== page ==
Locality: Isle of Skye, Scotland, UK.
Name Origin: From the Greek guros = “circle”, in allusion to the round form of the crystalline groupings.
Gyrolite often forms nodular aggregates. These aggregates can appear glassy, dull or even fiberous. Unlike other similar looking minerals (such as prehnite or smithsonite), gyrolite usually forms individual nodules as opposed to botryoidal or crustal growths. The aggregate nodules can often accompany many fine and rare minerals such as apophyllite, okenite and many of the zeolites. Much gyrolite forms inside of volcanic bubbles called vesicles and can only add another element to the surreal “landscape” inside.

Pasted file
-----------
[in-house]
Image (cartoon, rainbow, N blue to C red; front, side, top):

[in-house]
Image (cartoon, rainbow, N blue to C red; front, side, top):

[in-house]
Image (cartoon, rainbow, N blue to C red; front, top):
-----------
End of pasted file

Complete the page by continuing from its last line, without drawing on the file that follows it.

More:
Color: Brown, Colorless, Yellow, White, Light green.
Density: 2.45 – 2.51, Average = 2.48
Diaphaneity: Transparent to translucent
Fracture: Brittle – Uneven – Very brittle fracture producing uneven fragments.
Hardness: 2.5 – Finger Nail
Luminescence: Fluorescent, Short UV=white, Long UV=white.
Luster: Vitreous (Glassy)